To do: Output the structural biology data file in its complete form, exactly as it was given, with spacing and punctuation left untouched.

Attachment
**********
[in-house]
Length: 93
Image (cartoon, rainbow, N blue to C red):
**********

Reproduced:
[in-house]
Length: 93
Image (cartoon, rainbow, N blue to C red):